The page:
Chinese Director Xu Zheng Kicks Off Controversy With Casual Wear
The director of Chinese blockbuster "Lost in Thailand" inspires a social media maelstrom when he shows up to meet the Prime Minister of Thailand in an open-collared shirt and turquoise pants.
Xu Zheng, director and co-star of China’s highest-grossing domestic comedy of all-time, Lost in Thailand, lost some style points back home when he rocked up to an audience with Thai Prime Minister Yingluck Shinawatra last week wearing an open-collared shirt and turquois pants.
The director was invited to Thailand to meet the PM after Lost in Thailand grossed $202 million at the Chinese box office in late 2012. Apart from a few, rather tame scenes suggesting the presence of prostitution in Thailand, the film portrays the country as a charming place of adventure and natural beauty. The success of Lost in Thailand has led to an influx of cash-carrying Chinese travelers to Thailand, which has a more tourism-dependent economy than any other Asian nation.
In photos widely shared in Chinese social media, Xu is shown wearing casual attire, with loosely rolled-up sleeves, while Prime Minister Yingluck stands smiling by his side in traditional Thai formal wear.
Xu Jingbo, head of the Japan bureau of the Asian News Agency, kicked off the social-media maelstrom in China with a series of Weibo posts criticizing the director.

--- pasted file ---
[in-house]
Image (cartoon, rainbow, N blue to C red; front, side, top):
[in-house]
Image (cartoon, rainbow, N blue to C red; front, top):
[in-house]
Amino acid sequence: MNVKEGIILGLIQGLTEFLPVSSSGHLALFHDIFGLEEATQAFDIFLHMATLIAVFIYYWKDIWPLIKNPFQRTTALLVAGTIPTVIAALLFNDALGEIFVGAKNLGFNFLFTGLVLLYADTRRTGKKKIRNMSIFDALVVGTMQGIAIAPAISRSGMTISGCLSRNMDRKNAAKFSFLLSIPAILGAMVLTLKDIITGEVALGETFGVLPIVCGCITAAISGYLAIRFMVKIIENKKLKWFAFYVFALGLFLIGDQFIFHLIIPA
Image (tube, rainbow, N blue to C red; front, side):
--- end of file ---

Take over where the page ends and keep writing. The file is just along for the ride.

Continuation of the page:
"Xu Zheng, you made 1.2 billion yuan at the box office with Lost in Thailand, but you failed miserably when it came to basic social etiquette. I wonder what Yingluck Shinawatra will think of Chinese men now?" Xu wrote.
Xu Jingbo’s critique also exhibited some slightly curious gender politics: "Even if you are a famous director, when you meet with the head of a country, especially when it's the female Thai Prime Minister, you should be a gentleman and show some respect by dressing up a bit," he went on.
Within hours, the post had received 15,000 comments and been retweeted 14,000 times. Most of the comments came from Lost in Thailand’s legions of fans, who chimed in to defend the director.
“Director Xu was just wearing simple and comfortable clothes,” one fan commented. “There’s nothing wrong with him just being himself.”
The editor’s widely followed critique continued in further posts, however: “When Jackie Chan attended the CPPCC session in Beijing, he wore traditional Chinese dress," the journalist wrote, referencing the action star's recent appearance at an official Communist Party legislative advisory body meeting. “Xu was just not representing himself. On such a formal occasion, he was representing all Chinese artists and Chinese men," he wrote.
"China is an old and civilized country; it's essential to pay attention to details and etiquette. Where is the soft power we want? This is it! It's not about how strong your GDP is," he continued, his later comments a reference to the government policy mantra about the need to increase China’s global influence via “soft power” and cultural cache.
Thailand, home to the world’s longest sitting monarch, King Bhumibol Adulyadej, still maintains age-old customs of formality in all rituals and ceremonies associated with the Buddhist tradition (95 percent of all Thais identify as Buddhist), the royal family and matters of statecraft.
Yet Thais also are renown for their easygoing disposition toward foreign guests – the country is often called the “Land of Smiles,” after all. While the controversy over Xu’s casual dress continues to buzz in Chinese social media, the Thai media was silent on the issue, with no notable commentary trending on Thai-based social media.
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